At least CBS hasn’t made the switch yet, unlike Clear Channel. If you’re an AM 1090 listener who wants progressive talk to stay on the air in Seattle, you can voice your displeasure regarding CBS’ plans to its corporate office.

1271 Avenue of the Americas FL 44
New York, NY 10020

There’s also a Facebook page called “Keep Progressive Talk in Seattle” which you can become a fan of. The creator of the page is urging people to send postcards to CBS headquarters protesting the format change.

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  1. I just started streaming this station when we lost KPOJ in Portland and was so happy to find it… I listen at least five hours a day.

    # by Laurie Fort :: November 16th, 2012 at 4:25 PM
  2. KFNQ will go after the broadcast rights for one of Seattle’s marquee sports properties. The Mariners, and/or the coming NBA team. I predict Wazzu will be in their portfolio very soon; WSU has been – undeservedly – a red-headed stepchild in the Seattle sports market. Drama queens like Mike Leach make for great sports talk radio fodder (I say all of that as a UW alum).

    Progressive radio’s future lies not with the Big Three C’s (CBS, Clear Channel, Cumulus) but with medium-sized radio networks and independents that offer more local control. We progressives need to build our media ecosystem on this infrastructure base.

    In the long run, we’ll be better off without ’em.

    # by Daniel L. :: November 16th, 2012 at 9:33 PM
  3. Try streaming WCPT, Chicago’s progressive talk, which is independently owned and has a similar line up.

    # by Karen S. :: November 16th, 2012 at 11:33 PM
  4. As we now lost KPOJ 620 Portland, I also looked to KPTK 1090 for the Progressive discussions of the day.
    If the executives at CBS, which I always thought was a fair and balanced network (?), would see that the Progressive movement is the strongest audience in the USA, take for example the recent Presidential elections. If you, CBS, steps up and represents this powerful segment of our society, you will be hailed as forward leaning network.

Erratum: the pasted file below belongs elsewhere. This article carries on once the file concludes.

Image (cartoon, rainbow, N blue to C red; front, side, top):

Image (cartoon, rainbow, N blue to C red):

Keep KPTK 1090 as a Progressive format voice for the Northwest and the nation.
    PS: Saving KPOJ would also be a great idea.

    # by Skip Stein :: November 17th, 2012 at 11:27 AM
  5. “Listen online” really isn’t much of an option for those of us who don’t have easy access to the internet.

    # by Dnver :: November 17th, 2012 at 5:39 PM
  6. I LOVE the Pac-12 Network (and those like it), and really appreciate their effort to challenge monolithic networks like CBS. I know DirecTV hasn’t inked a deal yet, but I have DISH, and Pac-12 is constantly playing around my home on the weekends. DISH itself is no stranger to controversial programming moves, and it only makes sense that DISH would be one of the few providers to offer a relatively new network like Pac-12. A DISH coworker told me we would be getting it, and although I love the sports like any other Pac-12 fan, I also like the interviews and behind the scenes work, which offer a larger perspective into the goings-on within the conference.

    # by javi :: November 18th, 2012 at 11:41 AM
  7. Tough deal for the staff, who will have to spend weeks of answering angry phone calls on why the station switched.